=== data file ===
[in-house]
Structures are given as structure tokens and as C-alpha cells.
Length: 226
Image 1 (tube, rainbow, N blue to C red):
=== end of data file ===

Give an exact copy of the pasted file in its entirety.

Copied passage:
[in-house]
Structures are given as structure tokens and as C-alpha cells.
Length: 226
Image 1 (tube, rainbow, N blue to C red):